The iron-arsenide superconductors' unique power-law variation of London penetration depth was observed across several FeAs-based systems. The Ames Lab group studied large single crystals of barium-iron-arsenic in which cobalt was substituted for part of the iron, grown and characterized at Ames Lab by senior physicist Paul Canfield's research group. They also studied neodymium-iron-arsenic-oxide and lanthanum-iron-arsenic-oxide samples grown and characterized by Canfield's group.
"We are very lucky to be able to collaborate with Paul Canfield, Sergey Bud'ko and their students. When studying novel materials, one needs to examine dozens of different samples and compositions to arrive at some general conclusions. Canfield and Bud'ko are among the best in their field, and our very fruitful collaboration is based on mutual interests, intellectual, and geographical proximity— even our lab spaces neighbor each other's, and we are very happy about it." said Prozorov.
A unique tunnel diode resonator technique was used to measure the London penetration depths of the iron-arsenic crystals. A tunnel diode resonator precisely measures magnetic responses at very low temperatures, and Ames Laboratory is one of the few research facilities in the world with TDR instrumentation.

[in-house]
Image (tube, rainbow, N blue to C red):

"This type of research requires measurements of many, nominally the same, samples in three different orientations with respect to an applied magnetic field," said Prozorov. "All along, we expected to see an exponential London penetration depth – but we didn't. So, we examined samples with different concentrations of cobalt. But we got the same results, and with data from other iron-arsenide systems, we observed a universal, nearly quadratic behavior of the penetration depth."
Since London penetration depth is tied to electron-pairing behavior, the Ames Lab group's findings suggest that the iron-arsenides also exhibit electron pairing different from any other known superconductor.
In addition, the group found unambiguous evidence that the iron-arsenide superconductors' full data set can only be explained with two distinct superconducting gaps. Thus, the iron-arsenic superconductors appear to exhibit properties of both high-temperatures cuprates and magnesium diboride.
"The iron-arsenides are probably among most complex superconductors we – the superconductor research community – have encountered so far," said Prozorov. "Altogether, analysis of the data collected on many samples shows that the iron-arsenides do not adhere to the previous superconductivity theories and that something else is happening. Of course, some theoretical models do exist, and we collaborate with leading theorists, including Ames Laboratory's Jörg Schmalian, who has provided important insight into our observations. The unique qualities of the iron-arsenides cause me to believe that materials where transition temperature is closer to room temperature are possible. "
The Ames Laboratory research on iron-arsenide superconductors' London penetration depth was conducted by the Complex States, Emergent Phenomena, and Superconductivity in Intermetallic and Metal-like Compounds Field Work Proposal group, led by physicist Paul Canfield. The research is funded by the U.S. Department of Energy's Office of Science.
Cite This Page: